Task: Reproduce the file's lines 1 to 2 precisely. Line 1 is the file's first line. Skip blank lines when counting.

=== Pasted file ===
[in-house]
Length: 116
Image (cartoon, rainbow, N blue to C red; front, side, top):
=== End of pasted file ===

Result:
[in-house]
Length: 116